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From the Winter 2010 Conservationist for Kids

garter snake

Reptiles and Amphibians

By Gina Jack

When the air temperature falls, so does the body temperature, heart rate, and digestion of these animals. They need to get underground below the frost line, or into a sheltered area where temperatures will not dip below freezing. Eating plenty of food through summer and fall will make certain they have stored body fat for winter. This body fat will provide all the food they need until spring when food is plentiful once again.


Turtles are usually snuggled into the mud at the bottom of the pond for the winter. Instead of breathing with their lungs, as they do during summer, turtles get the oxygen they need by absorbing it through their skin. Sometimes turtles may be seen swimming under the ice. Their bodies will be the temperature of the surrounding water: about 40 degrees F.


Snakes, like this garter snake, gather in crevices in rocky places and underground holes. Bundled together like a big knot, the snakes share body heat-just enough to keep them from freezing. When spring comes, the ground warms. They leave the confined space and begin sunning themselves to warm up. It's not unusual to see large numbers of snakes in one area in the spring as they "wake up" and emerge over a few days.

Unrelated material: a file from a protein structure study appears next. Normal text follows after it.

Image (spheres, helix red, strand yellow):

Frogs and Toads

Most frogs hibernate buried in the mud at the bottom of the pond. Instead of breathing with their lungs, as they would in the summer, they get the oxygen they need by absorbing it through their skin from the surrounding mud. Toads and some frogs hibernate under logs and leaf litter on the forest floor. A blanket of snow will help to keep them warm enough to survive the winter.

Frogsicle! Wood frogs live as far north as the Arctic Circle. Antifreeze forms inside the wood frog's cells in preparation for hibernation, creating a thick liquid. Ice forms between the cells without harming the frog. While frozen, the wood frog's heart is completely stopped. Visit the Carleton University webpage for more information and photos, too!


While aquatic salamanders may be active under the ice through the winter, their land-based cousins are not. Like toads, these salamanders will find shelter and hibernate in underground burrows, under logs and leaf litter on the forest floor, and in rocky crevices.

Red-backed salamanders are the most common salamander in New York State. Look for them in wooded areas during warmer months. They go underground for winter.